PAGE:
Whimperers Anonymous

If illness is metaphor, then what is therapy? It's the new lay religion, says a chorus of psychologists and psychiatrists concerned about rampant abuse of the addiction concept.

Now popularly applied to almost any unrewarding behavior, from sex to love to bulimia to alcohol abuse, self-diagnosed "addiction" has a one-size-fits-all ready-made cure--a recovery program modeled on Alcoholics Anonymous. Such a metastasized meaning of dependence came under attack on many fronts at a Family Therapy Networker Symposium held in Washington, D.C.

o On the diagnostic front: It pathologizes all behavior.

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o On the feminist front: It specifically denies female modes of caring, contends Washington psychologist Marianne Walters. "The self-help movement for women essentially says we've overdone our role in helping, loving, and choosing," she reported. "It's a part of the me-first culture."

o On the public front: It keeps people from learning, changing, building character. "All the co-dependency therapeutic movements afoot today are based on avoiding the hard work of real change," claims Atlanta psychiatrist Frank Pittman. He calls them Whimperers Anonymous.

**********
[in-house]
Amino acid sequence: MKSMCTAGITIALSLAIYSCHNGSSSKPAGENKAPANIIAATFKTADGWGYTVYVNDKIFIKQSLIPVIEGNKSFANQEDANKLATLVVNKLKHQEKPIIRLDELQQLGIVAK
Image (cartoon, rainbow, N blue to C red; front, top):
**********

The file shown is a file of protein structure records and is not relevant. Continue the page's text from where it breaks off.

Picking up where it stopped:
"They basically hold that you don't have to give anything back to someone else. Everyone is a victim of someone else." Mainly, their parents.

o And on the therapeutic front, it has thoroughly subverted the purpose of psychotherapy. Victim mania makes the '90s "an impossible time to be a therapist," Pittman contends. "Therapists are supposed to be agents of change, but now they are busy protecting people from change, people who see themselves as victims of someone else."

Indeed, suggests social critic Barbara Ehrenreich, America's addiction hysteria really is a metaphor, namely for the fear of unbounded indulgence in the consumer culture, displaced onto addictive substances.

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